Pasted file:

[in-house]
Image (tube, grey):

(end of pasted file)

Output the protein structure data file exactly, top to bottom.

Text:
[in-house]
Image (tube, grey):